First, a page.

29 March 2008

Cornwall ...only an obsession!

Cornwall’s history has been formed by the geological make up of this rugged peninsular that divides the Atlantic Ocean and the English Channel. Prior to the Carboniferous and Devonian periods most of what we know of as Cornwall lay under the sea. During this time a complex mixture of sedimentary material was laid down on the seabed by the geological activity-taking place. Then approximately 300 million years ago, during the late Carboniferous period, two landmasses collided to form what is today Cornwall. These events created a land rich in minerals and hard rock (granite) and these have played a vital role in the forming of the history of the Cornish people.
We can see as we travel around Cornwall the importance that man has attached since prehistoric times to the rocks created by the geological activity. There are many examples of magnificent chambered tombs, stone circles and hut rings where the people of Cornwall have used the stones in religious contexts and for shelter. A good example can be found at Carn Brae.
As one of the UK's most popular tourist destinations Cornwall has no shortage of things to do whatever the weather or time of year. If rugged cliffs, sandy beaches and charming fishing villages aren't enough then we can help you find alternate activities.
It's not just the villages that have something to offer those sightseeing. The towns (and city!) of Cornwall are rich in history and attractions of their own. Cornwall has things to do for everyone, ranging from beautiful gardens, museums, theme parks, maritime centres, cornish heritage to zoos and wildlife reserves.

Ten Years Ago

Portugal celebrated opening of giant bridge (BBC)The bridge is named after the famous maritime explorer, Vasco da Gama. In 1498 Vasco da Gama discovered the sea route to the Indies around the Cape of Good Hope and in the 500th anniversary year of that exploit, the bridge was most appropriately named after him. Gama's voyage began at Belém, only a few kilometres further down the river than the new bridge. Look here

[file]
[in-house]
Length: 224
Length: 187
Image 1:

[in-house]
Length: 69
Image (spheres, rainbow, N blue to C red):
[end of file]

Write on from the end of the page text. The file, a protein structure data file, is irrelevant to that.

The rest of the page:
23 March 2008

Adrian Mole

The Secret Diary of Adrian Mole, Aged 13¾ is the first book in the Adrian Mole series of comedic fiction, written by Sue Townsend. It focuses on the worries and regrets of a teenager who believes himself to be an intellectual. The book is written in a diary style and set in 1981 and 1982. It chronicles the supposed intellectual awakening of Adrian Albert Mole, and his wonderings, worries and woes. In the background, it refers to some of the historic world events of the time.

Apart from the sometimes hilarious events described in the diary, a lot of the typical humour originates from the reader immediately seeing through particular observations, while the boy pertinently and naively misinterprets them (such as the adultery of his parents and the pregnancy of his mother).

Sue Townsend
Susan Lillian "Sue" Townsend (born April 2, 1946) is a British novelist, best known as the author of the Adrian Mole series of books. Her writing tends to combine comedy with social commentary, though she has written purely dramatic works as well. She has suffered from diabetes for many years, as a result of which she was registered blind in 2001,[1] and has woven this theme into her work.

We wish...

20 March 2008

World Water Day

The international observance of World Water Day is an initiative that grew out of the 1992 United Nations Conference on Environment and Development (UNCED) in Rio de Janeiro.

A poem a day...

Homework, I love you. I think that you’re great.
It’s wonderful fun when you keep me up late.
I think you’re the best when I’m totally stressed,
preparing and cramming all night for a test.

Homework, I love you. What more can I say?
I love to do hundreds of problems each day.
You boggle my mind and you make me go blind,
but still I’m ecstatic that you were assigned.

Homework, I love you. I tell you, it’s true.
There’s nothing more fun or exciting to do.
You’re never a chore, for it’s you I adore.
I wish that our teacher would hand you out more.

Homework, I love you. You thrill me inside.
I’m filled with emotions. I’m fit to be tied.
I cannot complain when you frazzle my brain.
Of course, that’s because I’m completely insane.

Kenn Nesbitt

16 March 2008

Big Lunch

I started arranging my alphabet soup,
concocting big words to devour.
I swallowed a B U I L D I N G,
I gobbled a S T R E E T,
and then I injested a T O W E R.
I snacked on a S U B W A Y.
I bolted a B U S.
I wolfed down a P A S S E N G E R T R A I N.
I chewed up M O N T A N A.
I gulped I N D I A N A,
then tossed down the whole S T A T E O F M A I N E.

I ate the G R A N D C A N Y O N.
I lunched on the R O C K I E S,
and A S I A, I slurped from my cup.
I would have been fine,
but I started to dine
on M Y H O M E W O R K,
and then I threw up.

by Kenn Nesbitt

15 March 2008

Dia da Escola

"If there were no schools to take the children away from home part of the time, the insane asylums would be filled with mothers." Edgar W. Howe
O Dia da Escola celebra-se hoje, no Brasil.